Urinary tract infection (UTI) is an infection involving the kidneys, uterus, bladder, or urethra. These are the structures that urine passes through before being eliminated from the body. Any part of the urinary tract can become infected. As a rule, the farther up in the urinary tract the infection is located, the more serious it is. UTI’s may also be classified as Upper and Lower UTI’s.
- The upper urinary tract is composed of the kidneys and uterus. Infection in the upper urinary tract generally affects the kidneys, which can cause fever, chills, nausea and vomiting.
- The lower urinary tract consists of the bladder and the urethra. Infection in the lower urinary tract can affect the urethra or the bladder.
“UTI is an infection involving the kidneys, uterus, bladder, or urethra.”
UTI can be contracted not only at public places but also at work. In a big office when the bathrooms are used by a number of people and the chances of bacteria spreading is high. If you see any of the following symptoms, then it is time you take some precautions.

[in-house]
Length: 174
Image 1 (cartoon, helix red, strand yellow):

- Frequent urination
- Very little urine output
- Painful urination
- Blood or pus in urine
- Cloudy urine
- Foul odour in urine
- Nausea or vomiting
- Flank or groin pain
There are a number of chances why UTI affects women a lot, especially at the work place. Some of the most common reasons why women get afflicted include:
- The urethra is shorter in women than in men, making it easier for the bacteria to reach there.
- In women, the urethra is positioned closer to the rectum.
- During sexual intercourse, bacteria can be pushed into the urethra.
The best way to avoid contracting urinary tract infections at the work place are:
- Drink plenty of water or other liquids. This will flush out the bacteria from your system by urination.
- Cranberry juice has been shown to help prevent urinary tract infections.
- Do not retain or hold back urine. Urinate as soon as you feel you need to.
- After urinating or bowel movement, wash or wipe from front to back and not from back to front. This will prevent bacteria in the anal region from spreading to the vagina and urethra.
- If you feel vaginal dryness during sex, use a cream or jelly for lubrication.
UTI is diagnosed on the basis on information about your symptoms, medical and surgical history, medications, habits and lifestyle. A physical examination and lab tests complete the evaluation. The single most important initial lab test is urinalysis. A sample of your urine will be tested for signs of infection, such as the presence of white blood cells and bacteria. A health checkup at Apollo clinics can rule out any signs of UTI.